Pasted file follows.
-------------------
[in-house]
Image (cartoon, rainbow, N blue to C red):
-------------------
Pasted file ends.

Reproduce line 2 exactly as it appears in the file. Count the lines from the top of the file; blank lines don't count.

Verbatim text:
Image (cartoon, rainbow, N blue to C red):